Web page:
That’s mainly why I stuck to just the opening episode of Full Swing, the new Netflix golf documentary, but I also didn’t feel it was something I actually wanted to binge watch when I got to the end of that episode.
Along with others, I had access to advanced screening of the eagerly-anticipated series, which, according to executive producer Chadd Mumm, had to be “authentic” and “warts and all”.
However, I’ll hold my hands up and admit I just never got round to giving it a look due to being busy with other things in the golf world on a day-to-day basis and also having a life to live that sometimes doesn’t need to have anything to do with golf.
Which meant I got my first glimpse of Full Swing on the day it was made available around the world in 190 countries to over 230 million Netflix subscribers. That’s a staggering reach and the main reason, of course, why it has the potential to be good for the game.
It probably doesn’t matter what people like me think about the actual content and how it comes across because I already love the game through playing it in the first instance and now being fortunate to write about it.
What matters is that it is appealing to people who know very little about golf and, on the back of watching this series, become keen to either take up the sport or attend tournaments in the future.
It would have been easy, of course, for the makers - the same people who delivered the highly-touted Formula 1: Drive to Survive series - to have opened with an explosive episode on how golf has become divided since the launch of LIV Golf last year.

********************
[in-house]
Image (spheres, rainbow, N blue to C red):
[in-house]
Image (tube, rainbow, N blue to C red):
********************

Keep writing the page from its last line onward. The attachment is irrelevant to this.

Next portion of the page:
That, however, would have been unfair on the game because, until the last 12 months or so, it’s simply never been an environment where so many friendships have been so strained and even the mere thought of a ‘civil war’ breaking out would have been laughable.
‘Frenemies’ was the title for the first episode, but the theme of it was how Spieth and Thomas had first locked horns when they were still juniors and continue to do so on the game’s biggest stages yet have become best friends along the way.
It made for an enjoyable watch without probably giving anything away that we didn’t know already about two of the game’s current leading lights, which is something that will hopefully change in the episodes to come as they feature the likes of Rory McIlroy, Brooks Koepka, Ian Poulter and Tony Finau.
“I didn't really know what to expect, but I was more than happy to kind of open my doors to Netflix to just allow them some access to off-course stuff,” said Finau, speaking in Los Angeles on Wednesday, of his contribution. “I think most of you guys are very familiar with the on-course stuff, but I think what Netflix is great at is giving you what you don't know, right?”
Here’s hoping, but, sorry, it won’t be a binge-watch for me.